Starting a new club is hard. It’s ambitious. But that’s what we did. It’s called Mobile Remote Control Club. The whole purpose of the club was to engage and experiment with technologies that enable us to do computing and control objects (digital objects in this case) at a range (be it close or far). Our first meeting was held November 24th, 2011 and to our surprise more than just the initial group actually showed up!
Caitlin and myself made posters and spoke in front of other classes on the Sheridan College campus in Oakville to draw attention. We were even able to get up to 22 members on facebook! I put out a live broadcast to my networks and people were genuinely interested in the fun twist of “controlling robots” we branded our club with.
To be fair, Roger, Saad, Travis and above all else Joel Brown did the majority of the coding and testing and messing around. I want to be clear — those guys are power horses who won’t stop until every circuit has been explored.
So anyway – how did we do it? What did we decide to use in terms of tech?
- Arduino circuit boards – These things are open source and gaining a ton of support in the development community. Essentially it’s a circuit board you can upload code/instructions to and it will do it for you via “ports”. See the image of it below.
- Bluetooth – most people know this technology from the loud-talking douchebag lawyers on Bay Street wearing it down the sidewalk for some reason (I mean come on, bro, really?). This tech communicated from our phone to the device (it activated our arduino code).
- Android-powered phones – Nerds rejoice because we couldn’t get it to run at all on our iPhones. As a designer that was a bummer, but oh well. Apple is a bit of a bastard, what more can you say?
Check out our connection and set up:
As my best friend Roger would say: “Arduino Bluetooth Magic, baby!”
Wowzers! I know what you’re thinking: for wireless Bluetooth that sure is a lot of wires! It’s very important to set this stuff up correctly – but it just takes some trial and error for people who aren’t familiar with technology (kind of a trend — just have fun and play around with new tech — if you read my multi-user post below!).
We used a “sketch” (a snippet of code) from www.amarino-toolkit.net — see below:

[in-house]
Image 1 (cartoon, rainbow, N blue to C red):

int onboardLED = 13;
void testEvent( byte flag, byte numOfValues)
void flushLED( int time )
So there’s that. It essentially tells the board to send power to a certain port (we plug the led light in to that port) when it receives a message from the bluetooth attached to it.
During our gathering our goal was to get the light on the board to turn off and on as we texted/pinged it a message through a wireless bluetooth connection. It took about 20 – 30 minutes of troubleshooting and setup but we got it to work!
If you require proof (what are you a detective or something?):
So why is turning a light on important? Well for one it means the Arduino is listening to our code. And considering how many attachments Arduino’s can attach the possibilities of that are endless. When you’re coding the rule of thumb is to dream big but start small. Don’t bite off more than you can chew — you get frustrated and turned off if you do that. This isn’t even our first step — it’s our first crawl in to the realm of remote computing.
Our inaugural meeting, Nov 24th, 2011:
Some guy came and wanted to take footage of us working with our gadgets and gizmos so we acquiesced. The more the merrier! Also it’s a good opportunity to potentially get more members to join our group.
So what can be done with this technology once we master it? A few ideas we came up with:
- Remote controlled juke box for bars and pubs – with digital money exchange. You could queue songs up you wanted without having to even get up from your table. Just download an app and you’re done!
- Home stuff – turning on and off lights, and things of that nature already exist. But it would be wholly inexpensive to utilize these boards and this technology/code to do it yourself giving you full control.
- Mixing yourself a margarita by turning on your blender as you pull up to home after a hard day at work!
- Add a humidity sensor to your flowers and have the Arduino automatically water them for you when it’s too low!
- Stopping bloodthirsty robots from uprising and killing all life on earth (except turtles of course, not even robots could hate those little scamps).
If you’re interested in this stuff please join us on facebook and keep up. Hopefully it catches on because it’s inevitable robots will try something funny. I don’t trust them.
And as a survival tip always remember — when the robot invasion happens be on the second floor.
– Andrew Corway